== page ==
So I wrote a first draft of BALLADS in about 9 months. The best part was when I got to go to The Writing Retreat in St Andrews in New Brunswick Canada with my writing BFF Katie. 10 days of writing in a quiet house on the coast. Sigh. Got back, spent a couple months revising, sent to agent in early spring 2007, then IWBYJR got picked up and chaos ensued. My agent and I didn't get to look at BALLADS again until the end of 2007. There were things we both weren't happy with. I had a complete nervous breakdown around Christmas last year trying to fix it. It ended up taking until February 2008 and admittedly there were things I still wasn't quite happy with. But MTV Books liked it enough to buy it and I knew my editor would give me the push I needed to make it perfect, which of course she did.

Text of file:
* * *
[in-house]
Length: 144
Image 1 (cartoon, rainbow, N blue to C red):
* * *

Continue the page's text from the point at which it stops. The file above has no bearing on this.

Her biggest concern was that the writing felt a little bit emotionally distant. Definitely true. It's not easy to get into the head of a self-destructive sixteen-year-old, especially when you were a self-destructive sixteen-year-old so you have to tap feelings that are very painful and took you years to get past. One thing that I will be very open about is that like my main character, Kara, I cut myself as a teenager. I've talked about it a little bit before and am sure I'll be talking about it a lot more when this book comes out. I haven't cut since my early twenties. Describing those emotions that cause you to cut and that mindset, it's hard. But I went there. That's the main reason I'm so exhausted right now and still caught up in the mood of the book. I continue to listen to the soundtrack constantly. It's hard to snap out of it.